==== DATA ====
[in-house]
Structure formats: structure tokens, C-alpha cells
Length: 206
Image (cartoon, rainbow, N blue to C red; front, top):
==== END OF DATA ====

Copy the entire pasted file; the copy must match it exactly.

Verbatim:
[in-house]
Structure formats: structure tokens, C-alpha cells
Length: 206
Image (cartoon, rainbow, N blue to C red; front, top):